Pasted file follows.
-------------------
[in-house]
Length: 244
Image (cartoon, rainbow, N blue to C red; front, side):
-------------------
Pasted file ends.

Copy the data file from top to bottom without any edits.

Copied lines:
[in-house]
Length: 244
Image (cartoon, rainbow, N blue to C red; front, side):